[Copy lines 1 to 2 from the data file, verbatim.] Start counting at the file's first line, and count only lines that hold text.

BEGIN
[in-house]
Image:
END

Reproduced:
[in-house]
Image: